One really important segment that you should use if you are running a search marketing campaign is a Non-Branded Organic Search Traffic segment. This will allow you to gauge how many visitors and conversions your website is receiving from search visitors without the influence of your naturally well ranking branded terms.

You can find the custom segment drop-down at the top left hand side of your analytics report on the new version of Google Analytics (on the old version the button is at the top right but this guide is specifically for the new version of Google Analytics).

1. Choose the ‘New Custom Segment’ link in the advanced segment drop-down.
2. Give the Segment a sensible name such as “Non-Branded Organic Search Traffic’.
3. Leaving the first drop-down on the form as ‘include’ click on the dimension/metric drop-down and search for and select ‘Medium’.
4. The third drop-down should read ‘containing’. Enter ‘Organic’ into the final text box.

This will make sure that this segment only includes visitors from organic search channels.

Next we need to exclude the organic traffic which is arriving at your site after searching for your brand or a related branded keyword.

5. Click on the ‘add AND statement’ link.
6. Search for and select ‘Keywords’ in the ‘Add a dimension or metric’ drop-down
7. Choose ‘Exclude’ on the first drop-down.
8. Leave the third drop-down as ‘Containing’ and enter your brand keyword (For example, your brand name or a branded product name) in to the final text box.
9. If you have additional brand-words you want to exclude rinse repeat steps 5 – 8 (You can also use the ‘Matching RegExp’ option using the | character between each keyword but we will discuss RegExp another time).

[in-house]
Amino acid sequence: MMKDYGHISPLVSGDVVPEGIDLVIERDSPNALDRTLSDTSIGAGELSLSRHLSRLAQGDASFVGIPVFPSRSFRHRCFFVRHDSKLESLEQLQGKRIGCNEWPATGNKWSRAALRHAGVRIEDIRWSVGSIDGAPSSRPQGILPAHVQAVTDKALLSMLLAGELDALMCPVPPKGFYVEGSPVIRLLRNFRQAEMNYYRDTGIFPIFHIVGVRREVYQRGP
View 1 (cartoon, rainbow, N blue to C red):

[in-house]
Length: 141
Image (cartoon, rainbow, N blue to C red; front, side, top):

10. Test the segment to make sure the figures look sensible.
11. Save the segment.

You can now review how your non-branded search traffic is behaving across at all of your reports. To find your best performing non-branded search term and to make sure no misspelled versions of your branded terms are escaping your segment you can use the ‘Organic’ report under: Traffic Sources > Incoming Traffic > Search > Organic.

So, I hope thats useful. If you have any questions that I can answer or if you would like to discuss this segment please let me know in the comments below.

Posted in Google Analytics, Search, Uncategorized | Leave a comment

Hostname Filter for Google Analytics

There are many reasons to setup a hostname filter on Google Analytics, not least that you can ensure that all the traffic being shown in your reports is visiting your website rather than from another site that features your GATC (If your site is ever scraped your tracking code may well end up on pages other than those within your site).

To make sure you do not irretrievably loose any data due to over zealous filters you should always make sure you have a ‘master’ profile for each of your sites and duplicate profiles for specific filters.

To setup a hostname filter visit your profile setting page and find the filters page.

1. Give your filter a name, “Hostname Filter” makes sense.
2. Choose the ‘custom filter’ option.